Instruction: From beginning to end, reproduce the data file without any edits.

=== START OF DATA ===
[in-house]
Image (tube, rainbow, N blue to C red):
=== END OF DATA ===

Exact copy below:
[in-house]
Image (tube, rainbow, N blue to C red):